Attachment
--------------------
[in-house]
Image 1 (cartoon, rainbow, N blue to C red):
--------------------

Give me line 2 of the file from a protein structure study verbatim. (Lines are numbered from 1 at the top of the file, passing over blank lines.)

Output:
Image 1 (cartoon, rainbow, N blue to C red):